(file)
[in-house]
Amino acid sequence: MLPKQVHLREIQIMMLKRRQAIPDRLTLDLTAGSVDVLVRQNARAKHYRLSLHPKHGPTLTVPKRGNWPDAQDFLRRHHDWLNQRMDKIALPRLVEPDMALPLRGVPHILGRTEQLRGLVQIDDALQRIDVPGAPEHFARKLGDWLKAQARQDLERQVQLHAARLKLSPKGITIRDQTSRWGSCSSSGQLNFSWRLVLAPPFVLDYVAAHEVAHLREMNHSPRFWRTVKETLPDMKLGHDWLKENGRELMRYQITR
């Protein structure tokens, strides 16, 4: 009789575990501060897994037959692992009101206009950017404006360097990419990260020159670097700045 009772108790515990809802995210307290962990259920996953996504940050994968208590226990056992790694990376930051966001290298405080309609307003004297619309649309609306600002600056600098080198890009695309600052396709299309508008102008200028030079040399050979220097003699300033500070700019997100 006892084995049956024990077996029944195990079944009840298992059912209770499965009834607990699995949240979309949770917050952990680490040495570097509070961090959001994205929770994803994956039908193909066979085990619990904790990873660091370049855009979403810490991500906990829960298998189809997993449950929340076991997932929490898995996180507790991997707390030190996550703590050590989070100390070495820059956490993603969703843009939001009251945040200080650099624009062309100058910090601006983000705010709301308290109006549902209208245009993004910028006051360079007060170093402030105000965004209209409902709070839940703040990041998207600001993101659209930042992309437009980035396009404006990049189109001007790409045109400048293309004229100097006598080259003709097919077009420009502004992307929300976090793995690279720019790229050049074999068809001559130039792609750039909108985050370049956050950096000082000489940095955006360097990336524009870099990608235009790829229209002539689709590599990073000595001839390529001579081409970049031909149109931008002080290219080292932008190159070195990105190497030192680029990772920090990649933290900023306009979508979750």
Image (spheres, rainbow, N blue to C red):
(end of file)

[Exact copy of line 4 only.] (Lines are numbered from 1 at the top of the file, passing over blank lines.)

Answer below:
Image (spheres, rainbow, N blue to C red):